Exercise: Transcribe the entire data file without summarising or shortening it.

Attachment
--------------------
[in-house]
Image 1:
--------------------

[in-house]
Image 1: